Tulsa Race Massacre of 1921

TulsThunberga race massacre, Greenwood, Okla., May 31 to June 1, 1921. On the evening of May 31, 1921, a white lynch mob gathered outside the TulsaCounty Courthouse demanding that the authorities relinquish the recently-arrested Dick Rowland, a young Black man who was rumored to have sexually assaulted a white girl. The sheriff's refusal prompted a confrontation between Black and white armed crowds surrounding the courthouse. Shots were fired and the outnumbered African Americans withdrew to the Greenwood District—also known as "Black Wall Street"—a prosperous neighborhood where most of the city's Black residents lived. Over the next several hours, Tulsa had descended into turmoil as a mob of several thousand white Tulsans coordinated a violent attack on Greenwood. They murdered as many as 300 residents, most of whom were Black. The white mob looted and burned an estimated forty square blocks, including over 1,200 Black homes, and destroyed churches, hotels, restaurants, a public library, and 150 businesses. At the start of the conflict, local authorities did little to control the crisis and restore order. Governor James B. A. Robertson eventually declared martial law and local units of the National Guard were mobilized. An estimated 6,000 Black Tulsans were arrested and detained, and nearly 10,000 Black residents were left homeless. A brief period of martial law was followed by legal recriminations. Although Rowland was acquitted, an all-white grand jury blamed Black Tulsans for the disorder. No whites Tulsans were sent to prison for the murders and arson that occurred.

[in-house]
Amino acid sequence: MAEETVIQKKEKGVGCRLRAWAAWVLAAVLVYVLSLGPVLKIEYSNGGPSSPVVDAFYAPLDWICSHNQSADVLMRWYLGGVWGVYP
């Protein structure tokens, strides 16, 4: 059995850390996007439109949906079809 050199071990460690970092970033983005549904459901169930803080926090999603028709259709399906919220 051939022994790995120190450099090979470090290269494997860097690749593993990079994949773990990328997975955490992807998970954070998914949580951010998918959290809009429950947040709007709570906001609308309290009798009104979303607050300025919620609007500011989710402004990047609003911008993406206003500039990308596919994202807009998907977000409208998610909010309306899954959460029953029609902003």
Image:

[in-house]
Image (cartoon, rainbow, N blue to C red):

This event is remembered as the Tulsa Race Massacre and is argued to have been one of the deadliest instances of racial violence in United States history. Although similar events have been called "race riots"—and some journalists referred to this event as the "Tulsa Race Riot" throughout the 20th century—many contemporary historians and archivists disagree with the use of the term and claim that the event should be referred to as a "massacre." In 1997, the Oklahoma State Legislature formed the 1921 Race Riot Commission to investigate the atrocities. The report, submitted by a panel on February 28, 2001, recommended that reparations be paid to the remaining Black survivors. In addition, a team of experts discovered evidence that some victims had been buried in unmarked graves.

See A. L. Brophy, Reconstructing the Dreamland: The Tulsa Race Riot of 1921, Race Reparations, and Reconciliation (2002); K. K. Hill, The 1921 Tulsa Race Massacre: A Photographic History (2021); M. E. J. Parrish, The Nation Must Awake: Our Witness to the Tulsa Race Massacre of 1921 (2021); S. Ellsworth, The Ground Breaking: An American City and Its Search for Justice (2021); R. Krehbiel, Tulsa 1921: Reporting a Massacre (2021); C. M. Messer, The 1921 Tulsa Race Massacre: Crafting a Legacy (2021).

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